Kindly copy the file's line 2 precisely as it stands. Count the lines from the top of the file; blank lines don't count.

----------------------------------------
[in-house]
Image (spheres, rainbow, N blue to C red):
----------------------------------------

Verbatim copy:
Image (spheres, rainbow, N blue to C red):